Henry Kirke White

Philammon, "Elegy on the Death of Henry Kirke White" Gentleman's Magazine 78 (Supplement 1808) 1176.

What solemn sound disturbs the midnight air,
And o'er my spirits holds such dread controul?
What haggard form, with torch of deadly glare,
Illumes the regions of the Northern Pole?

I hear it still, but now the lapwing's scream
Swells on the breezes of the Arctic spheres:
'Tis — 'tis the confirmation of my dream,
The grand event foretold by holy seers!

Yet whence yon Demon, that in black array,
So wildly rushes on ensanguin'd wing?
His hideous features certainly convey
The gloomy semblance of th' infernal King!

Tell me, ye powers, who with a rapid flight
Roam through the realms coerulean afar;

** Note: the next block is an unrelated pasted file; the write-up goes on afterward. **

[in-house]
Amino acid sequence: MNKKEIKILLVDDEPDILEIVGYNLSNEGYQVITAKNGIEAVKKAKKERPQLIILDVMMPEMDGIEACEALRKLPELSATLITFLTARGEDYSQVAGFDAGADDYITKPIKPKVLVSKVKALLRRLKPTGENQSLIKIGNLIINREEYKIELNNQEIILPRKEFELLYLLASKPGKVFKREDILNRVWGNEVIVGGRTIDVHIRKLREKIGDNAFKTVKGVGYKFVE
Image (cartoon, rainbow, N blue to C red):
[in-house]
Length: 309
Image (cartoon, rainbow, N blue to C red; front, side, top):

What Demon rushes with portentous light,
Beneath the precincts of the Polar star?

"Peace, peace! sad Muser! — mark yon weeping train,"
A voice replied, "that wind thro' yonder shade;
'Tis they who raise the melancholy strain,
Whose torches glimmer in the midnight shade."

Struck with the sound, I turn'd, and saw the train,
O'erwhelm'd in sorrow, wind devoutly slow;
Beheld four youths the sacred corse sustain,
And heard them chaunt their madrigals of woe.

Within the walls of an ensculptur'd tomb,
Too soon I saw him number'd with the dead;
Whilst Virtue, scattering incense thro' the gloom,
Embalm'd the laurels that adorn'd his head.

Thus were his relics given to the earth—
Thus pass the pageantries of life away!
Ah! where's the greatness of imperial birth,
When even here the Monarch must obey?

Yet round thy grave, sweet Moralist! shall spread,
The earliest flowrets of the bashful spring;
And there at eve shall Melancholy tread,
Save when the winds their hollow dirges fling.
January 1808.